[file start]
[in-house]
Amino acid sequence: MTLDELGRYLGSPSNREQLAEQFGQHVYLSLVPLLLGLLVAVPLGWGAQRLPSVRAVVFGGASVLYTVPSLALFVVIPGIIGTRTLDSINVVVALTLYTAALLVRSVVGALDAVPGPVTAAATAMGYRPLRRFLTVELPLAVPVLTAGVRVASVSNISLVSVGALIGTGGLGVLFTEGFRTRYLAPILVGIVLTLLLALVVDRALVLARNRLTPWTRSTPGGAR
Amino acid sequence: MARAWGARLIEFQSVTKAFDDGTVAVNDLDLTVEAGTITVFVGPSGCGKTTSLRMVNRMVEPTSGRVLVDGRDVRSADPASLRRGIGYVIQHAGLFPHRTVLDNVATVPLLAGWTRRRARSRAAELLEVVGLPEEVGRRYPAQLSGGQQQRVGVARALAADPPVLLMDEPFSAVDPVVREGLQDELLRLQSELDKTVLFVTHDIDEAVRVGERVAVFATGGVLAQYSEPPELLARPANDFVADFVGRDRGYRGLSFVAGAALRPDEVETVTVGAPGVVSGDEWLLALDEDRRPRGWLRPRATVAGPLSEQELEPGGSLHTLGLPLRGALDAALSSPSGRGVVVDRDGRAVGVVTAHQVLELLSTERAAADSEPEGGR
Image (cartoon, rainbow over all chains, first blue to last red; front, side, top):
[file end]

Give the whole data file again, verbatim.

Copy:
[in-house]
Amino acid sequence: MTLDELGRYLGSPSNREQLAEQFGQHVYLSLVPLLLGLLVAVPLGWGAQRLPSVRAVVFGGASVLYTVPSLALFVVIPGIIGTRTLDSINVVVALTLYTAALLVRSVVGALDAVPGPVTAAATAMGYRPLRRFLTVELPLAVPVLTAGVRVASVSNISLVSVGALIGTGGLGVLFTEGFRTRYLAPILVGIVLTLLLALVVDRALVLARNRLTPWTRSTPGGAR
Amino acid sequence: MARAWGARLIEFQSVTKAFDDGTVAVNDLDLTVEAGTITVFVGPSGCGKTTSLRMVNRMVEPTSGRVLVDGRDVRSADPASLRRGIGYVIQHAGLFPHRTVLDNVATVPLLAGWTRRRARSRAAELLEVVGLPEEVGRRYPAQLSGGQQQRVGVARALAADPPVLLMDEPFSAVDPVVREGLQDELLRLQSELDKTVLFVTHDIDEAVRVGERVAVFATGGVLAQYSEPPELLARPANDFVADFVGRDRGYRGLSFVAGAALRPDEVETVTVGAPGVVSGDEWLLALDEDRRPRGWLRPRATVAGPLSEQELEPGGSLHTLGLPLRGALDAALSSPSGRGVVVDRDGRAVGVVTAHQVLELLSTERAAADSEPEGGR
Image (cartoon, rainbow over all chains, first blue to last red; front, side, top):